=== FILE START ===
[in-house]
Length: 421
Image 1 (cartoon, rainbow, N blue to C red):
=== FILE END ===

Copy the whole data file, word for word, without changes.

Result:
[in-house]
Length: 421
Image 1 (cartoon, rainbow, N blue to C red):